The Fraud Examiner
Tracing the Untraceable: A Fraud Examiner’s Guide to Digital Forensics
By Lindsay Gill, CFE
Director of Forensic Technology
Forensic Strategic Solutions, Inc.
We live in a world that is becoming more digital every day. From desktops and laptops, to tablets and smartphones — technology is all around us. This proliferation of technology presents new opportunities for fraudsters to commit and attempt to conceal fraudulent activity. While this issue can seem daunting, the digital trail they leave behind sets the stage for us as fraud examiners to connect the dots in ways we could not imagine just a few years ago. The ability to collect, analyze and interpret electronic evidence, often referred to as digital forensics, is becoming more prominent within the field of fraud examination. Possessing the knowledge of specific software and hardware tools, to best practices for recovery and analysis methods, digital forensics is a powerful tool and skill for fraud examiners and investigators — if they know the right places to look.
Digital forensics tools
Data is the heart of a digital forensics case, but data is simply data. There are certain tools needed to collect, assess and interpret the information. Computer forensics provides the tool to collect and preserve legally admissible evidence from one or many computing devices. Once the data has been collected, the fraud examiner must be able to mine the data to extract and identify patterns and relationships within structured and unstructured data. Performing link analysis will help the examiner discover and evaluate relationships. Link analysis, in turn, often identifies new information and connections that require a return to data mining to further zero in or to extract additional information. Data mining and link analysis helps reveal information that is nearly impossible to identify without the technology.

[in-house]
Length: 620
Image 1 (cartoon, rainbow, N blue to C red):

Leave no stone unturned
One of the greatest tips I can provide is to look everywhere. A common phrase is that things are often what and who you least expect. While that has proved true in many cases, sometimes things are obvious or made obvious by connecting seemingly unrelated information or data. Whether it be structured data like the company’s accounting system, or the unstructured data provided by email, voice communications, voicemail, text and instant messaging, it is important to truly look everywhere because you never know where you will find that missing piece of the puzzle. One of the places digital forensic experts are focusing their searches today is the world of social media. People tend to overshare locations and activities on social media accounts. Even when they don’t overshare, social media provides a host of searchable metadata such as timestamps and geo location.
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